Developing what?


p2150-Supreme-CourtCOMMENT by ERWIN CHLANDA
Development was the mantra of the CLP when it fought for election three years ago. With just a year to run in its first term on the treasury benches, after a decade in the political wilderness, where are we at?
We in The Centre are still in the economic wilderness: Not much is happening aside from throwing public money at police stations and a courthouse (pictured) that may sadly be necessary but are producing nothing.
Let’s look at private investment in the context of that other election promise – cutting red tape, and dealing with investors in a professional manner.
The $100m Melanka project is in limbo as government planning and development approvals are still not to hand.
The project is also uncertain because in the absence of statutory approvals, the 170 dwellings, the 85 room hotel, professional office space, restaurants, cafes and a 110 place child care centre can’t be offered for sale. Without firm sale contracts in hand for much of the space the developers would be unlikely to go ahead.
The projects put up by the Hatzimihail group seem extravagant but, having been formally proposed, they deserve professional consideration.
The first one, centred on some 10 hectares in the Desert Knowledge precinct, has now been dragging on for about two years.
In an update we published on June 25 we quoted an experienced broker as saying that setting up deals of this kind normally has a time frame of 90 days: It’s either in the can by then, or the deal’s off.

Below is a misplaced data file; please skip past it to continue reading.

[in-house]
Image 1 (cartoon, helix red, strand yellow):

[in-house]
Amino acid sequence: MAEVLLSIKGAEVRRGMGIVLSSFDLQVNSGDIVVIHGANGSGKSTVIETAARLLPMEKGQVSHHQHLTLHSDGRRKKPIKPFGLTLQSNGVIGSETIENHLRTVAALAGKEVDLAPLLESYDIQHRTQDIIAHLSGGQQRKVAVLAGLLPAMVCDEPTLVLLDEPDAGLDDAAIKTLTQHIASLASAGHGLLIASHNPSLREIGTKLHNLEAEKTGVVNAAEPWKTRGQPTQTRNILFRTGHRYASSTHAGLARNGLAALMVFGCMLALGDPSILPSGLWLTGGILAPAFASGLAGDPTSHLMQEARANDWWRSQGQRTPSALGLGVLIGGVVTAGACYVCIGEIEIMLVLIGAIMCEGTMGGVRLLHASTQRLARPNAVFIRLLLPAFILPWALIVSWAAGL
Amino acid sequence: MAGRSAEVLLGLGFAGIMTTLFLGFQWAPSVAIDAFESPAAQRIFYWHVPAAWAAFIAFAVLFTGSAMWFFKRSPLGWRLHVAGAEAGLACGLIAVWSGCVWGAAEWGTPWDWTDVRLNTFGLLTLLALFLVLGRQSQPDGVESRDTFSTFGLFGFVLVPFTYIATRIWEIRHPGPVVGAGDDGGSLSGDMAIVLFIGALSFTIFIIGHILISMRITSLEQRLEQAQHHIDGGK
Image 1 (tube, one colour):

Now spokesman Alex Hatzimihail has made it clear the group has given up on Desert Knowledge and is negotiating with the trust managing the Blatherskite Park show grounds.
As we reported this week, a key condition in the Letter of Intent is that the Blatherskite Park Land Trust “will require a solid financial position to be appropriately presented by THG [The Hatzimihail Group] that will demonstrate both the ability to commence The Project on a stage by stage basis and to complete The Project in its entirety as agreed between the parties.”
The clock should now be ticking now on the 90 days: Prove you’ve got the money and we’ll go for it.
Watch this space.
Another government inspired private enterprise project is Whittaker Street with a railway station, hotel, shops and cultural gallery.
According to a seasoned commercial developer, when such a project is awarded to a company – in this case Sitzlers – it is standard procedure in Australia for all the submissions to be made public so that The People, who own part of the land, can judge the government’s decision.
The Alice Springs News Online asked on June 25: “Can I please have copies of the agreements between the government and Whittaker Street Developments?” We also asked what was the value of the public land put into the deal.
This was the response: “While negotiations are ongoing with the proponent the Department of Lands, Planning and the Environment is not able to provide any further information. The agreement is confidential.  This process is governed by the Crown Lands Act and does not fall within the NT Procurement Act.”
p1845lambleyrobynWe asked newly Independent MLA for Araluen Robyn Lambley (pictured) to find out a few things – after all for the best part of three years she was a CLP Member and Minster and was till sitting in the centre of political power in the NT.
Acting on a tip-off from a substantial source, we wrote to her on August 5: “It seems there is no substance to [the Whitaker Street project] – a charade to give the impression of development while there is none (beyond government buildings that make no lasting difference to our economy).
“Can you please provide me the following. All this would be answered as a matter of routine in other jurisdictions but has so far been denied to us: